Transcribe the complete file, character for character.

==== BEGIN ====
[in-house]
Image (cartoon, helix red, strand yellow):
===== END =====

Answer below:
[in-house]
Image (cartoon, helix red, strand yellow):